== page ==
Wednesday, July 2, 2014

Aerosmith - Rocks - Side 1



Recently some dudes I know on Facebook said "Aerosmith sucks." While it's true that starting with Permanent Vacation (1987), everything they've done has sucked but they crossed a line when they said even the old stuff sucked, too. 70's Aerosmith sucks? No way. There are classic rock bands I don't like but wouldn't say they sucked. I'm not really into Cheap Trick or Queen but I would never say their 70's stuff sucked. (Their 80's stuff totally sucks, in case you didn't know that already). Ted Nugent and Kiss come with a lot of baggage so it doesn't upset me if people rag on them. But Aerosmith had a pretty good track record in the 70's. Their first album from 73 has some great moments, Get Your Wings from the following year is even better and 75's Toys In The Attic is a classic. But if you're only going to get one Aerosmith album, then Rocks is it.

Back in 76, Nugent's Free For All and Rocks rarely left my turntable and they both still get a lot of play to this day. Side one of Rocks is so killer. I've always considered it one of the best sides in hard rock music. Side two is also good but it has a ballad. Since this is Ripple and they encourage total artistic freedom I'm only going to review side one and not the whole album.

"Back In The Saddle" is such a kick ass way to start off a record. Joe Perry's playing a 6-string bass to give it an extra heavy sound. The song explodes when the band kicks in and Steven Tyler screams "I'M BACK!!!" If that doesn't inspire you to open a fresh beer and knock some shit over then you should go home and re-arrange your Barbara Streisand mp3's. This is classic rock that rocks HARD!! Joe and Brad Whitford layer tasty guitar licks all over each other while Joey Kramer (admittedly a pretty mediocre drummer) pounds the beat and Tom Hamilton (a good bassist) lays down the groove. The first Sex Pistols song I ever heard was "Bodies" and it immediately made me think of "Back In The Saddle." I still think the Sex Pistols album sounds a lot like this era of Aerosmith.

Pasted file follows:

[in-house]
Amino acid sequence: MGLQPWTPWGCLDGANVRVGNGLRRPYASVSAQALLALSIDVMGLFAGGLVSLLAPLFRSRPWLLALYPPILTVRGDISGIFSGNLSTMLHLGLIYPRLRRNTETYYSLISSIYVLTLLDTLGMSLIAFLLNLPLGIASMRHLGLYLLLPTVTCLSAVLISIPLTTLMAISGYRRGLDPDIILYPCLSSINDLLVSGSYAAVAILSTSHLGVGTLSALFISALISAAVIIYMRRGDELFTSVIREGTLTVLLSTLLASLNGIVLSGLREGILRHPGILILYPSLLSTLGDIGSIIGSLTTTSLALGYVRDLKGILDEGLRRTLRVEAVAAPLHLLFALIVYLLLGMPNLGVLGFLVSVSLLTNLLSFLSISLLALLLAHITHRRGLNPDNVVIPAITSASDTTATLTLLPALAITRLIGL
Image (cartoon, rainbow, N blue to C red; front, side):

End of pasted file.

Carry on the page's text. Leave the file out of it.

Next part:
The pace drops a bit for the funky "Last Child." I always liked the version from Live Bootleg where Tyler changes the lyrics to "been dealing tonight." Brad Whitford wrote the music for this one and lays down a great solo. He's often considered the rhythm guitarist but he's way more than that. The Whitford/Perry team worked really well together back then. As the song fades out there are some sirens that overlap into the next song and this is where things really take off.

"Rats In The Cellar" opens up with a sledgehammer riff and some nice call and response between the band and Joe's fills. The song takes off on a monster power boogie groove and Tyler yells about New York City drug deals. About a minute and half into the song Steve blows a decent harp solo before the guitars take over. They go back to the chorus one last time before setting up an outrageous Yardbirds-inspired outro jam. Everyone is soloing at the same time and just when you think it's about to fall apart they stop on a dime. Joey Kramer does a big drum fill and you can hear Tyler yelp as he jumps off the drum riser and the song crashes to an end. KICK ASS!!!

There's barely time to catch your breath as Perry fires up the raunchy riff to "Combination." This is a good example of them taking their Stones influence and making it rock harder than the Stones ever did. The lyrics are once again about drugs and Joe and Steve sing them together. Joe's solo is a good one and they wrap up the song with a feedback drenched power jam.

The reason why I rarely listen to side two of Rocks is because side one gets me so worked up I need to follow it with something truly spectacular like In Rock, Master Of Reality or Powerage. If there 90's crap bothers you that much just pretend they died in a plane crash in 79. ROCKS ROCKS

--Woody

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